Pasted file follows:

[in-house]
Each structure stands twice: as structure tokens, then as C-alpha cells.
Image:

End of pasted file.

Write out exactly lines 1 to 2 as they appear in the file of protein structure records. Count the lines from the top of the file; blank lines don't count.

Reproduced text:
[in-house]
Each structure stands twice: as structure tokens, then as C-alpha cells.